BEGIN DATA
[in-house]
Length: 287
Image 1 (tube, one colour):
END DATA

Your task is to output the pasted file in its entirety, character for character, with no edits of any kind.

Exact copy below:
[in-house]
Length: 287
Image 1 (tube, one colour):